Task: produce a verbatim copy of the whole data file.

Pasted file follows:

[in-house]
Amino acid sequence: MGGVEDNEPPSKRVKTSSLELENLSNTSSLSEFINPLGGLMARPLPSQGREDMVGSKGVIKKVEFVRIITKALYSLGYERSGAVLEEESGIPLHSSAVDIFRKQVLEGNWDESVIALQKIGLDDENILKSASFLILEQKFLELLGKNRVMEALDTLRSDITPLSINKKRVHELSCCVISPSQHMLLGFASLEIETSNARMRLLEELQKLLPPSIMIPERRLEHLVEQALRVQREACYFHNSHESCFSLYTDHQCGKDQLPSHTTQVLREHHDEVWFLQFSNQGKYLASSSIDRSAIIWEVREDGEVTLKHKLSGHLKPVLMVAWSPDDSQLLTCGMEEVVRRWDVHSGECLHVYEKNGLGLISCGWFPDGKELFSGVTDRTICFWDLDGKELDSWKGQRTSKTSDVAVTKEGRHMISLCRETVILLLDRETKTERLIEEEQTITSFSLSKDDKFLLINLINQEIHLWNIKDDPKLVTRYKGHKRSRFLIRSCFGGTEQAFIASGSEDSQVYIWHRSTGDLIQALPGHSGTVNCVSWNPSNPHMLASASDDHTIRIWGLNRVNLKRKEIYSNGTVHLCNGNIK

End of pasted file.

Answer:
[in-house]
Amino acid sequence: MGGVEDNEPPSKRVKTSSLELENLSNTSSLSEFINPLGGLMARPLPSQGREDMVGSKGVIKKVEFVRIITKALYSLGYERSGAVLEEESGIPLHSSAVDIFRKQVLEGNWDESVIALQKIGLDDENILKSASFLILEQKFLELLGKNRVMEALDTLRSDITPLSINKKRVHELSCCVISPSQHMLLGFASLEIETSNARMRLLEELQKLLPPSIMIPERRLEHLVEQALRVQREACYFHNSHESCFSLYTDHQCGKDQLPSHTTQVLREHHDEVWFLQFSNQGKYLASSSIDRSAIIWEVREDGEVTLKHKLSGHLKPVLMVAWSPDDSQLLTCGMEEVVRRWDVHSGECLHVYEKNGLGLISCGWFPDGKELFSGVTDRTICFWDLDGKELDSWKGQRTSKTSDVAVTKEGRHMISLCRETVILLLDRETKTERLIEEEQTITSFSLSKDDKFLLINLINQEIHLWNIKDDPKLVTRYKGHKRSRFLIRSCFGGTEQAFIASGSEDSQVYIWHRSTGDLIQALPGHSGTVNCVSWNPSNPHMLASASDDHTIRIWGLNRVNLKRKEIYSNGTVHLCNGNIK